It took four years of clandestine development, but Silicon Valley, Calif. start-up Pulsent Corp. Monday unveiled a breakthrough in
video compression that will enable businesses to stream broadcast-quality video over broadband networks at 1.1 megabytes-per-second
(Mbps), adding a crucial piece to the digital media distribution puzzle.
Pulsent claims its technology provides a 400-percent improvement in bandwidth and storage efficiency over current video compression
schemes such as MPEG-2, which transmits video at roughly 3 Mbps. The announcement could percolate interest among telecommunications and
service providers, which have been looking for ways to pique customer interest. It may also serve notice to Microsoft Corp.
and RealNetworks Inc.
, who are makers of, and leaders in, proprietary video compression software.
What will telcos and ISPs be able to do with this technology? Deliver broadcast video over ADSL, which will quadruple the amount of
programming that can be stored on personal video recorders (PVRs), thereby increasing cable or satellite channel capacity. It should
also help with video-on-demand (VOD) and high-definition television (HDTV) adoption.
Pulsent Co-Founder and Chief Executive Officer Adityo Prakash noted simply that current methods of video compression have “run out
“20+ year-old block-based technologies like MPEG and its proprietary offshoots just can’t be improved significantly,” Prakash said.
“The industry has long needed a fundamental rethinking of how video is processed and delivered to enable the next generation of
services and applications. That is what we’ve achieved.”
So, what has Pulsent done differently? MPEG, which continues to evolve and is now facing uncertainty over the licensing schemes for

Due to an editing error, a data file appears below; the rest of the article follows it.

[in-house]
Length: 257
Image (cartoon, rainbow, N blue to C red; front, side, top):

its Internet-charged standard MPEG-4, currently uses “block-based” approach to compressing digital video information. This divides a
video frame into arbitrary blocks and removes redundancies by attempting to match and reuse blocks from previous frames for the
current frame. Pulsent contends that despite improvements to motion compensation and residue coding, the evolution of MPEG has
reached its ceiling.
Pulsent proposes to evade such limitations by identifying the true structural elements or “objects,” in any video scene and modeling
their motion. Because these objects are natural, elastic constituent components of any image, they can directly correspond to parts
of real-world objects. Once identified, Pulsent contends the frame-to-frame motion of these “objects” can be far more accurately
modeled than with block-based approaches.
Pulsent’s frame-to-motion approach is patent pending, but the start-up stressed that its video payloads were designed to be
transmitted via the MPEG standard. Moreover, Pulsent products will support handling of other codecs such as MPEG, ensuring
compatibility with existing applications. The company also anticipates to be able to pass video between MPEG and Pulsent formats.